By Alan Graner
If you think the opposite of talking is listening, you’re wrong.
The opposite of talking is…waiting to talk.
You know what I’m saying. You’ve seen it a hundred times. You’re talking to someone when the telltale signs begin to appear: the fidgeting, the jerky hand movements, the sharp intake of breath, the slight leaning forward, the excited eyes.
At that moment you realize they haven’t heard a word you’ve said; they’re too busy thinking about what they’re about to say. Like a predatory animal they prepare to pounce/ When you pause, they attack.
Don’t be too harsh with them. It’s an unfortunate truth that most of us have never learned the art of listening.
Learning how to listen
To listen effectively you must:
- Give up the urge to interrupt. Once people know they have the floor, they relax and open up.
- Make appropriate sounds to encourage them to keep on speaking.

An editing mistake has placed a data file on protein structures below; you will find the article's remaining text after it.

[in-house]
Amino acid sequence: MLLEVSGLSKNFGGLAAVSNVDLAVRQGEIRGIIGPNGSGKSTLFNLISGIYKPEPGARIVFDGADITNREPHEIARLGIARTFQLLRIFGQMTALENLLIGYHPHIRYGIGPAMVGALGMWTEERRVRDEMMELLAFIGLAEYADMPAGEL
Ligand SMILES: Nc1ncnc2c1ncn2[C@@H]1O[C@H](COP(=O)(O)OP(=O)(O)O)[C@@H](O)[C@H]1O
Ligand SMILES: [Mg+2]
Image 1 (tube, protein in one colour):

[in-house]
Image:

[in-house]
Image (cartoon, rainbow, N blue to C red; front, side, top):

- Look directly at them, especially if you’re at some kind of gathering. It’s a bit insulting if you are constantly scanning the room to see if there’s someone more important/interesting/attractive to talk to.
- Go beyond superficial polite conversation. Ask probing questions that require more in-depth information/analysis/opinion. By asking questions you accomplish two important tasks: 1) it indicates you’ve listened, and 2) you’re interested in hearing more. Few people can resist this.
For further instruction, watch your loveable dog. Canines learned the art of listening eons ago.
What’s in it for you?
When you listen you can learn lots of amazing tips, tricks of the trade, strategic information, more efficient ways of doing things, perhaps even new ideas that will help you attain success.
You might make a new friend, a strategic ally, a mentor, a referrer, someone who can open doors that were previously closed.
Surprisingly, you’ll also gain a reputation as an amazing conversationalist.
Any listening skills you’d like to add?
Image: Elsie esq.
Alan Graner is Chief Creative Officer at Daly-Swartz Public Relations, an Orange County, CA marketing communications firm. For a public relations campaign that will get prospects and customers listening to you, email Jeffrey Swartz at email@example.com.